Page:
“We estimate this will amount to $200 million a year more funding for state government,” the Campaign for the Restoration and Regulation of Hemp (CRRH) said. Ninety percent of those proceeds will go into the state general fund, seven percent for drug treatment programs, with one percent each going to drug education in public schools and to two new state commissions to promote hemp biofuel, hemp fiber and food.

Goliath’s GAW News Bureau
Kentucky’s new medical marijuana bill bears the name of the great Gatewood Galbraith

By Michael Bachara

Legislation that would make cannabis a Schedule II drug — and thus legal for doctors to prescribe — was introduced on January 31 in the Kentucky State Senate. Senate Bill 129, sponsored by Senator Perry B. Clark (D-Louisville), is being titled the “Gatewood Galbraith Memorial Medical Marijuana Act.”
Galbraith was a prominent lawyer from Kentucky and an avid supporter of cannabis legalization. He dedicated more than 40 years to the restoration of the cannabis plant. He died last month from complications of pneumonia.
“Marijuana has positive medical benefits for patients dealing with illnesses like cancer, multiple sclerosis, and AIDS, to name a few,” Sen. Clark said. “I want to allow this as another treatment option for those individuals.”
Gatewood Galbraith (1947-2012)

​The legendary Gatewood Galbraith, colorful Kentucky political figure known as “The Last Free Man In America,” died quietly in his sleep at home Tuesday night. Gatewood, a perennial candidate for public office and a lifelong marijuana advocate, changed the cannabis movement forever with his homespun wisdom and plain-spoken honesty.

Gatewood, who defended individual rights in the streets, in the courtrooms and on political stages around the country, was perhaps best known for his advocacy of hemp farming and the legalization of marijuana, along with his sense of humor.

Galbraith had run for governor last November, finishing third in a three-candidate race won by incumbent Gov. Steve Beshear.
“Dear Friends I have just been notified that Gatewood passed away last night,” his running mate, Dea Riley, posted on Facebook this morning. “I am heading to Lexington to be with his family. Please say a prayer for his family and friends and all those who loved him. I am heartbroken.”

Time 4 Hemp
Richard Brumfield claims cannabis prohibition will end November 5, and that he’ll be in charge of all legal production in America. Dude has a healthy sense of self, at least; not so sure about his grip on reality, though.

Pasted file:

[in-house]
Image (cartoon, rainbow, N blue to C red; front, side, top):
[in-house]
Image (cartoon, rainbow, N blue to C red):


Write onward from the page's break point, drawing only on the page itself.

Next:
​Richard Brumfield, a medical marijuana activist from California, is in a unique position — that is, if you believe him. Brumfield claims not only that he is in direct communication with the White House and the National Institute on Drug Abuse, but also that — oh yeah by the way — marijuana prohibition ends on November 5. Did I mention he’d be in charge of all production?

One might rightly ask why the mercurial Brumfield, who vehemently opposed California’s marijuana legalization measure Prop 19 in 2010, would be anointed to be in possession of such important information, rather than, say, letting President Obama or maybe Drug Czar Kerlikowske announce it.
But Brumfield, who if nothing else seems to have quite a healthy ego, insists on his Facebook page and elsewhere that he is the “newly appointed Chief Clinical Director of the IAMB/TbT group” (whatever that is), and further, that clinical trials of medicinal cannabis will begin on November 5, according to a press release from pot podcast Time 4 Hemp.

If Brumfield is to be believed, he has the blessings of both the White House and Vice President Joe Biden (yeah, he even included ol’ Joe in his claims), “along with the support of many organizations such as the National Institute of Health, R.E.A.D.[Editor’s note: ??], and NIDA.”

Hempstalk 2011

A compelling mix of upbeat music, a cannabis law reform message and a focus on industrial hemp as the answer to many of our practical needs, the seventh annual Portland Hempstalk festival is set for 10 a.m to 9 p.m. Saturday, September 10, and 10 a.m. to 8 p.m. Sunday at Kelley Point Park, located at the confluence of the Willamette and Columbia Rivers.

Co-sponsored by The Hemp and Cannabis Foundation (THCF), Green Leaf Lab and John Lucy, attorney at law, the event is free to attendees of all ages. With more than 40,000 people expected to attend, it will wrap up the summer festival season with a bang, according to organizers.
This year’s Hempstalk will also feature more than 100 vendor booths offering delicious food and irresistible merchandise, and a Hemposium which will feature informational panels on a variety of cannabis and hemp-related topics.